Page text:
Today when I opened Facebook, as I do every day, at some point, at least once, I was surprised to see the social network asking me for some time and input. Generally speaking, it asks “What’s on your mind?” or something similar in the status update entry field, but this was different; this was a genuine request for me to complete a survey as part of a new Facebook Feedback Panel program, and provide meaningful feedback about FB itself, and the experience of being a user.
This was weird for a number of reasons: First, it hasn’t seemed all that interested in my feedback in the past, and second, it prompted me to be self-reflexive about when and why I use Facebook, and what I hope to find there. That second point is important, because it’s rare that I look inward about my social media usage habits in any forum, and Facebook has been around for so much of my digital life that it’s become almost invisible. Finally, the questions Facebook asked in its survey also reflect its own goals in doing the asking to begin with.
Me and Facebook
The survey covered News Feed, and how I felt about it, what it provided me as a user. It was telling that I couldn’t really cop to getting much use value out of the stories in my News Feed. When asked about why I felt like relevance was decreasing, I was struck by the fact that I don’t really feel like I ‘know’ anyone on Facebook anymore. While back when I first started using the network, it seemed a great way to stay in touch with classmates with whom I might otherwise lose contact, now it seems like a catalogue of a lot of people I probably should’ve just lost contact with but never did.
And yet I still use FB quite regularly, if by ‘use’ I employ the broad definition of ‘open a tab, go to facebook.com.’ But as the survey revealed when it prompted reflection on my usage habits, that’s happening less frequently, and it’s likely tied to the decreased stream relevance. Of course, many of the social network’s recent efforts have been around reinjecting some relevance into the News Feed, by bringing in things like actual news sources, public posts and more. But the detritus of old connections still makes it a net inconsequential, or at worst, net negative experience.
The Ad Question
This survey also covered ads, both in the News Feed and on the site in general. The questions asked about the relevance of the ads, their general level of quality, their potential to offend and much more. Facebook is clearly aware that ads could be a contributing factor to any issues it’s having with the engagement level of individual users. And in selecting the types of statements it’s choosing to seek agreement/disagreement from users, it’s also generally aware what’s wrong with the type of advertising its platform engenders.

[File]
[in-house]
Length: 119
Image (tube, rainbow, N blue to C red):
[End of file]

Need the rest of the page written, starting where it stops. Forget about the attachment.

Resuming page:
The relevance issues I mentioned above in the first section aren’t caused by ads, but they aren’t helped by them, either. To be fair, I’m never going to tell anyone that I find any ads “Interesting” or “Helpful” – the entire concept of advertising is at odds with those descriptors in my book. But it’s still true that in general, I find Facebook’s ads particularly uninteresting, and not at all relevant, let alone helpful.
Broader Engagement Issues
Facebook has also been sending out more emails to prompt users who haven’t been overly active to come back and play. As you can see in the screenshot below, users are receiving notices about activity in their network to try to get them to re-engage. It’s a common tactic among social startups and companies of all stripes, but combined with efforts like this Feedback Panel, it indicates a need to identify the source of an engagement problem and counteract it.
The Feedback Panel is a good idea, and I applaud Facebook for doing it, since it seems like a genuine desire to give some users a way to provide meaningful input, instead of just a release valve that lets them blow off steam to little or no effect. But it’s worth noting that the program and its implementation show a company that needs to figure out the next stage of its evolution, and arrive at a plan that can help it reverse a potentially troubling trend.